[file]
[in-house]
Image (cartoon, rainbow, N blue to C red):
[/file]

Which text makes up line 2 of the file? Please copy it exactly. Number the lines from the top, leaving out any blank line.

Image (cartoon, rainbow, N blue to C red):